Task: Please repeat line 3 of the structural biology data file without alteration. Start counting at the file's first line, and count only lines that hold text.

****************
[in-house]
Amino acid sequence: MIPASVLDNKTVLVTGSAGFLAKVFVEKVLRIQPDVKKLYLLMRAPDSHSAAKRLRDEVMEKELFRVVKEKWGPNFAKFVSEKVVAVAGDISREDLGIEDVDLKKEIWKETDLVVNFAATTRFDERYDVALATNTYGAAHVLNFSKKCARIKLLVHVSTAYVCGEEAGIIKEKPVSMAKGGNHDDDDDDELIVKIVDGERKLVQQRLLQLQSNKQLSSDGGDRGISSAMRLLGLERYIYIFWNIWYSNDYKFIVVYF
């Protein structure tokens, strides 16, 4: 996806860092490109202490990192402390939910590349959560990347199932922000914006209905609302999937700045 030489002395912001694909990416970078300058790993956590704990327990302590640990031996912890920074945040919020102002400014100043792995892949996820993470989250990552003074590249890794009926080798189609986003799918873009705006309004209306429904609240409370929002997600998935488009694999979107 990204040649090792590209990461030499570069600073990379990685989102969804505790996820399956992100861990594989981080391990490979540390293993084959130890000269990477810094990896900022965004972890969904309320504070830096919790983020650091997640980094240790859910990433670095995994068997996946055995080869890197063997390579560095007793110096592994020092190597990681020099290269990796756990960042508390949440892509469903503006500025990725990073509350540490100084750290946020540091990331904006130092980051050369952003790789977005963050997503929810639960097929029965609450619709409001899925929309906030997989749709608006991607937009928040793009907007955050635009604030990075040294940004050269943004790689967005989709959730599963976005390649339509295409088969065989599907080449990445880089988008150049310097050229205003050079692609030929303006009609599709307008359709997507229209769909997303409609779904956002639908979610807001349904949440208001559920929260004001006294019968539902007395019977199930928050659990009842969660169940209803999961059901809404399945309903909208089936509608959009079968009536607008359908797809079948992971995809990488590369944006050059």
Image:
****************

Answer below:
């Protein structure tokens, strides 16, 4: 996806860092490109202490990192402390939910590349959560990347199932922000914006209905609302999937700045 030489002395912001694909990416970078300058790993956590704990327990302590640990031996912890920074945040919020102002400014100043792995892949996820993470989250990552003074590249890794009926080798189609986003799918873009705006309004209306429904609240409370929002997600998935488009694999979107 990204040649090792590209990461030499570069600073990379990685989102969804505790996820399956992100861990594989981080391990490979540390293993084959130890000269990477810094990896900022965004972890969904309320504070830096919790983020650091997640980094240790859910990433670095995994068997996946055995080869890197063997390579560095007793110096592994020092190597990681020099290269990796756990960042508390949440892509469903503006500025990725990073509350540490100084750290946020540091990331904006130092980051050369952003790789977005963050997503929810639960097929029965609450619709409001899925929309906030997989749709608006991607937009928040793009907007955050635009604030990075040294940004050269943004790689967005989709959730599963976005390649339509295409088969065989599907080449990445880089988008150049310097050229205003050079692609030929303006009609599709307008359709997507229209769909997303409609779904956002639908979610807001349904949440208001559920929260004001006294019968539902007395019977199930928050659990009842969660169940209803999961059901809404399945309903909208089936509608959009079968009536607008359908797809079948992971995809990488590369944006050059």